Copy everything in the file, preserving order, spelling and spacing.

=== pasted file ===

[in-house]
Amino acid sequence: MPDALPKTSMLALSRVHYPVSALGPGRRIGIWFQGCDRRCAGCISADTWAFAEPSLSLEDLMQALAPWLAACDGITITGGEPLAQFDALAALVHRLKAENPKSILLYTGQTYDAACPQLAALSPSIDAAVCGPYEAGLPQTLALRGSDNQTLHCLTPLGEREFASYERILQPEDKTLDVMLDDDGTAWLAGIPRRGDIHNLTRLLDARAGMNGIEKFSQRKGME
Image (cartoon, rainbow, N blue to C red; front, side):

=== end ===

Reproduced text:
[in-house]
Amino acid sequence: MPDALPKTSMLALSRVHYPVSALGPGRRIGIWFQGCDRRCAGCISADTWAFAEPSLSLEDLMQALAPWLAACDGITITGGEPLAQFDALAALVHRLKAENPKSILLYTGQTYDAACPQLAALSPSIDAAVCGPYEAGLPQTLALRGSDNQTLHCLTPLGEREFASYERILQPEDKTLDVMLDDDGTAWLAGIPRRGDIHNLTRLLDARAGMNGIEKFSQRKGME
Image (cartoon, rainbow, N blue to C red; front, side):